the missing of an oxygenated methylene and the presence of an oxygenated methine in 2, which revealed the change of substitution of a hydroxy group. It was further confirmed by the HMBC correlations of dH 0.63 (3H, s, Me-18) with the oxygenated methine carbon. The mentioned information suggested that the hydroxy group was located at C-12. On the basis of the ROESY experiment, H-12 was elucidated to be b oriented by correlations of H-12 with H-18. Therefore, compound 2 was established to be 3a,12a,17a,20-tetra-hydroxy-4a-methylpregn-8-ene, as shown.

Compound 3, a colorless oil, had a molecular formula of C15H26O2 on the basis of HREIMS at m/z 238.1931 ([M]?). The 13C NMR (Table 2) and DEPT spectra of 3 indicated 15 carbon resonances, including three methyls, five methylenes (one oxygenated at dC 67.1), five methines (one sp carbon at dC 123.3), and two quaternary carbon (one oxygenated at dC 72.9 and one sp2 carbon at dC 136.0). Detailed analysis of NMR data suggested that compound 3 should be a cadinane-type sesquiterpene with a similar structure to that of 15-hydroxy-a-cadinol [12]. The main difference between the two compounds was that the hydroxy should be placed at C-12 in 3 rather than at C-15 in 15-hydroxy-a-cadinol, which was confirmed by the correlations of dH 2.15 (H, m, H-11) and 0.78 (3H, d, J = 7.0 Hz, Me-13) with dC 67.1 (t, C-12) in the HMBC spectrum. Further 2D NMR data supported that the other

Table 2 1H NMR and 13C NMR data for compounds 3-5 (d in ppm, J in Hz)

No. 3 4 5

1H 13C 1H 13C !H 13C

1 1.23, overlap 51.0, CH 1.67, dt (14.0, 2.0) 46.3, CH 57.8, C

2 2.06, m 23.9, CH2 1.89, dd (11.5, 6.8) 31.8, CH2 2.45, dd (13.9, 7.8) 42.8, CH2

1.22, overlap 1.56, overlap 1.56, overlap

3 1,94 * 2.01, m 32.0, CH2 4.04, t (8.2) 72.1, CH 4.58, t (6.7) 78.2, CH

4 136.0, C 138.0, C 144.9, C

5 5.50, s 123.3 CH 5.76, d (5.8) 129.6, CH 5.48, s 130.7, CH

6 1.79, m 40.5, C 2.44, m 35.8, CH 3.33, overlap 76.3, CH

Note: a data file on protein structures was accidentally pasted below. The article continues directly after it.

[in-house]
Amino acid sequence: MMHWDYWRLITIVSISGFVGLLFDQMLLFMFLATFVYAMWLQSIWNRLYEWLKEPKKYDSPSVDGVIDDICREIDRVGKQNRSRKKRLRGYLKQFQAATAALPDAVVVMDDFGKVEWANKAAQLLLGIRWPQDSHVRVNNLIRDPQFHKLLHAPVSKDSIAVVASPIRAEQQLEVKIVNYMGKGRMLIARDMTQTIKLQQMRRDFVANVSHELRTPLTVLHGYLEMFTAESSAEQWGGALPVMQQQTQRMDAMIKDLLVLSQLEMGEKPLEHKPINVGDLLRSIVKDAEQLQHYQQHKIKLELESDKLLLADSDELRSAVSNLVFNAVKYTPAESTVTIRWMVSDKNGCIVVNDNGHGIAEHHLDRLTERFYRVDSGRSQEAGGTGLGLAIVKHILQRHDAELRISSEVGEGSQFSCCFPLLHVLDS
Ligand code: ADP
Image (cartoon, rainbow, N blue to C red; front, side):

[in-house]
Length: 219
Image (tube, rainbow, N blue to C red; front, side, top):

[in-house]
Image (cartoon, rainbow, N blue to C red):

7 1.33, m 43.0, CH 1.50, m 43.9, CH 1.03, m 46.9, CH

8 1.49, overlap 23.2, CH2 1.43, overlap 23.0, CH2 1.65, overlap 25.2, CH2

1.21, overlap 1.43, overlap 1.36, m

9 1.74, dt (13.0, 3.8) 42.7, CH2 1.54, overlap 35.7, CH2 1.56, overlap 33.1, CH2

1.47, overlap 1.44, overlap 1.23, m

10 72.9, C 72.5, C 1.66, overlap 32.6, CH

11 2.15, m 35.4, CH 1.94, m 37.3, CH 1.55, overlap 30.2, CH

12 3,39 * 3.46, m 67.1, CH2 3.74, dd (10.7, 4.7) 65.2, CH2 0.89, d (6.7) 21.5, CH3

3.31, overlap

13 0.78, d (7.0) 10.6, CH3 0.98, d (6.9) 16.3, CH3 0.87, d (6.7) 21.1, CH3

14 1.07, s 20.5, CH3 1.18, s 29.3, CH3 0.80, d (6.8) 17.8, CH3

15 1.66, s 24.0, CH3 1.74, s 19.8, CH3 1.75, s 14.0, CH3

Data (d) were measured in methanol-d4. The assignments were based on DEPT, 1H-1H COSY, HSQC, and HMBC experiments

H . _ ► H - H тЛ

— 1H-1H COSY H C HMBC H H ROESY

Fig. 2 Key1H-1H COSY, HMBC and ROESY correlations of compound 1

the backbone of a 6/6/6/5 ring system related to that of 3,17,20-trihydroxy-4-methylpregn-8-en-7-one [7] was deduced. In the ROESY spectrum (Fig. 2), correlations between H-22/H-5 and H-3/H-4 were observed, suggesting that H-3 and H-4 were both ß oriented. Thus, the structure of compound 1 was elucidated to be 3a,17a,19,20-tetra-hydroxy-4a-methylpregn-8-ene, as shown.

Compound 2, also purified as a white amorphous powder, had the same molecular formula of C22H36O4 as that of compound 1, according to its HREIMS at m/z 364.2605 ([M]?). The 13C NMR (Table 1) spectroscopic data were similar to those of compound 1. The main differences were

parts of the structure of 3 were the same as those of 15-hydroxy-a-cadinol [12]. Therefore, compound 3 was deduced to be 12-hydroxy-a-cadinol.